How to Reduce Your Plastic Waste: A Guide - The Solihull Observer

How to Reduce Your Plastic Waste: A Guide

Solihull Editorial 11th Jun, 2024   0

Every year, humans generate around 400 tonnes of plastic waste a year, with 60% of it ending up either in landfills or in nature. In fact, 100,000 marine animals are killed by becoming entangled in plastic every year, and scientists believe that there may be more plastic than fish in our oceans by 2030. By entering the food chain, plastic can harm human health too — causing hormone imbalances, reproductive issues, and even cancer.

As a society we are slowly realising the extent of the harm caused by plastic, but we still need to act quickly to fix the problem. In this guide, we will explore how you can do your bit to reduce your plastic consumption and waste.

Reusing, Repairing, and Repurposing Plastic

Plastic was only invented at the start of the 20th Century, and has only been widely used since the 1950s, but already we have produced over 8 billion tonnes of the material. With a piece of plastic taking anywhere from 10 to 500 years to decompose, it isn’t disappearing any time soon.

While we couldn’t make all of our plastic disappear even if we wanted to, we can avoid the need for buying new plastic products (and therefore contributing to manufacturing demand) where possible.

Repairing damaged plastic items is one way of reducing plastic waste. Many broken plastic items can be mended with epoxy glue in just a few minutes. Epoxy glue is inexpensive, widely available, and can be used to fix most hard plastics.

You can also repurpose old plastic items that have fulfilled their original purpose. Instead of sending your old containers to landfill, why not use them as storage for items such as buttons, screws, or craft supplies? You can even turn plastic bottles or yoghurt pots into plant pots or seed starters by simply cutting small drainage holes. Larger containers such as bins can be used to organise shoes, toys, or cleaning supplies.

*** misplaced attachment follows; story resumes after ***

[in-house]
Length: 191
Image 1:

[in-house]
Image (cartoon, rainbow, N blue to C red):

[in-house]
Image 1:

Sustainable Purchasing

Unfortunately, most of us will still need to buy plastic products from time to time. After all, there are reasons why so much plastic has been produced and used in the last 70 years — it’s lightweight, airtight, waterproof, convenient, and inexpensive compared to most other materials.

However, we can still take steps to minimise how much plastic we buy. For example, instead of buying a new plastic bottle of drink each day, you can buy a reusable bottle and fill it each day with the beverage of your choice.

Thankfully, more and more companies are choosing to replace single-use plastic packaging with more biodegradable, sustainable options. Most supermarkets now offer paper carrier bags, or encourage the purchase of a reusable bag made from canvas or recycled plastics.

Ultimately, most companies will produce the products that they think consumers want. By refusing to buy single-use plastics where possible, you reduce the demand for them, and reduce their production. There are various apps that will tell you how environmentally sustainable a company or product is, and the B Corp certification was designed to be a mark of sustainability. If you want to take the extra step, you could even write to companies or contact them via social media to request more sustainable products and packaging.

How to Recycle Plastic

Unfortunately, sometimes you do need to dispose of plastic. If you can’t repair or repurpose it, you should recycle it. Recycling plastic avoids it being sent to landfill, and instead means it will be melted or shredded down before being used to create new products.

In the UK, recycling plastic is a structured process governed by your local council. To enable this, you need to segregate your plastic waste from your other waste, into a designated recycling bin (typically coloured green).

To be recycled effectively, plastic items need to be rinsed and clean of any food residue. Plastic items must be rinsed and free from food residue to ensure effective recycling.

Sustainable Consumption For the Future

With a plastic waste crisis, and the production of plastic contributing significantly to carbon emissions, it is crucial that we reduce our plastic consumption as a society. You can make a difference through your individual habits — by reducing consumption, reusing items where possible, and recycling any plastic waste. You can also spread the word, and educate your friends, family members, and others in your community on how to live a more eco-friendly lifestyle.


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